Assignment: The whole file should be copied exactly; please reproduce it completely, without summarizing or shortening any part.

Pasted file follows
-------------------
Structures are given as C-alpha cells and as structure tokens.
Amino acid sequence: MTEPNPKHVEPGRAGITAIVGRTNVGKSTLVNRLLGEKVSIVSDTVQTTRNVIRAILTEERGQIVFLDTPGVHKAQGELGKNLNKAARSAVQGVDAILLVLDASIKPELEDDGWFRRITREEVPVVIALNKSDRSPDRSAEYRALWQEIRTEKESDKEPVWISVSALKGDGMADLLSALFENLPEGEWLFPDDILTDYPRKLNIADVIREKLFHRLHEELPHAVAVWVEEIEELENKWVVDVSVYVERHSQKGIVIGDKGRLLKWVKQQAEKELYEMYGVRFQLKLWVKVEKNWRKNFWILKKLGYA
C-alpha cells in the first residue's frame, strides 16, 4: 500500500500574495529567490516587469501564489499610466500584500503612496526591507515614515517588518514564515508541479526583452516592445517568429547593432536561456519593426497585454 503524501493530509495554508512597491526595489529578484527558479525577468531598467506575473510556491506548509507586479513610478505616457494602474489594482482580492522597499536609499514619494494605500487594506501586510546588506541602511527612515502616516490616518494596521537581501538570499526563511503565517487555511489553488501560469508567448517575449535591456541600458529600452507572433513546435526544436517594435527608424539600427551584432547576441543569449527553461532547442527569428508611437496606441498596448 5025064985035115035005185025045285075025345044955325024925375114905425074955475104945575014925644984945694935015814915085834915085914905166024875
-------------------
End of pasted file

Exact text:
Structures are given as C-alpha cells and as structure tokens.
Amino acid sequence: MTEPNPKHVEPGRAGITAIVGRTNVGKSTLVNRLLGEKVSIVSDTVQTTRNVIRAILTEERGQIVFLDTPGVHKAQGELGKNLNKAARSAVQGVDAILLVLDASIKPELEDDGWFRRITREEVPVVIALNKSDRSPDRSAEYRALWQEIRTEKESDKEPVWISVSALKGDGMADLLSALFENLPEGEWLFPDDILTDYPRKLNIADVIREKLFHRLHEELPHAVAVWVEEIEELENKWVVDVSVYVERHSQKGIVIGDKGRLLKWVKQQAEKELYEMYGVRFQLKLWVKVEKNWRKNFWILKKLGYA
C-alpha cells in the first residue's frame, strides 16, 4: 500500500500574495529567490516587469501564489499610466500584500503612496526591507515614515517588518514564515508541479526583452516592445517568429547593432536561456519593426497585454 503524501493530509495554508512597491526595489529578484527558479525577468531598467506575473510556491506548509507586479513610478505616457494602474489594482482580492522597499536609499514619494494605500487594506501586510546588506541602511527612515502616516490616518494596521537581501538570499526563511503565517487555511489553488501560469508567448517575449535591456541600458529600452507572433513546435526544436517594435527608424539600427551584432547576441543569449527553461532547442527569428508611437496606441498596448 5025064985035115035005185025045285075025345044955325024925375114905425074955475104945575014925644984945694935015814915085834915085914905166024875